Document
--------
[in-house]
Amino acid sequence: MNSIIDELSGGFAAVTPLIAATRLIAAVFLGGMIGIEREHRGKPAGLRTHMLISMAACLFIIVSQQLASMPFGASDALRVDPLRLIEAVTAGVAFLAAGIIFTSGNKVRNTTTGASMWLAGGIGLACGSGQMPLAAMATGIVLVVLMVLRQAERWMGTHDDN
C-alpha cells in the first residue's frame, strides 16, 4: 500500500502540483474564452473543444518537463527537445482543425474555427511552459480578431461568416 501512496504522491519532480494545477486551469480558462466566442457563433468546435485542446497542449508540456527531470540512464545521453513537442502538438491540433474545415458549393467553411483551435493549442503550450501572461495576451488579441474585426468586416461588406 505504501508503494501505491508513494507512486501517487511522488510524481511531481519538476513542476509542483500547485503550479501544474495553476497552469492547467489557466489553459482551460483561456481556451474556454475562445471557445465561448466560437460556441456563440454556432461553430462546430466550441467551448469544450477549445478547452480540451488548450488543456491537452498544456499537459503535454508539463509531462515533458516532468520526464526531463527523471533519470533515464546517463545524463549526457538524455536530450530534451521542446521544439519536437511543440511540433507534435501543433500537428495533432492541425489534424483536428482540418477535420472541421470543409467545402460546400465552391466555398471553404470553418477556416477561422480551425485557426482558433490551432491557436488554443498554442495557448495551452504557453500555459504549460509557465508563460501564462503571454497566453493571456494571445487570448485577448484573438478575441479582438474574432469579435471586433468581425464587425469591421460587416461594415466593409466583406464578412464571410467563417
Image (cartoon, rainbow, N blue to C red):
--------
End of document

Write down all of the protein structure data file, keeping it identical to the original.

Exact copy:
[in-house]
Amino acid sequence: MNSIIDELSGGFAAVTPLIAATRLIAAVFLGGMIGIEREHRGKPAGLRTHMLISMAACLFIIVSQQLASMPFGASDALRVDPLRLIEAVTAGVAFLAAGIIFTSGNKVRNTTTGASMWLAGGIGLACGSGQMPLAAMATGIVLVVLMVLRQAERWMGTHDDN
C-alpha cells in the first residue's frame, strides 16, 4: 500500500502540483474564452473543444518537463527537445482543425474555427511552459480578431461568416 501512496504522491519532480494545477486551469480558462466566442457563433468546435485542446497542449508540456527531470540512464545521453513537442502538438491540433474545415458549393467553411483551435493549442503550450501572461495576451488579441474585426468586416461588406 505504501508503494501505491508513494507512486501517487511522488510524481511531481519538476513542476509542483500547485503550479501544474495553476497552469492547467489557466489553459482551460483561456481556451474556454475562445471557445465561448466560437460556441456563440454556432461553430462546430466550441467551448469544450477549445478547452480540451488548450488543456491537452498544456499537459503535454508539463509531462515533458516532468520526464526531463527523471533519470533515464546517463545524463549526457538524455536530450530534451521542446521544439519536437511543440511540433507534435501543433500537428495533432492541425489534424483536428482540418477535420472541421470543409467545402460546400465552391466555398471553404470553418477556416477561422480551425485557426482558433490551432491557436488554443498554442495557448495551452504557453500555459504549460509557465508563460501564462503571454497566453493571456494571445487570448485577448484573438478575441479582438474574432469579435471586433468581425464587425469591421460587416461594415466593409466583406464578412464571410467563417
Image (cartoon, rainbow, N blue to C red):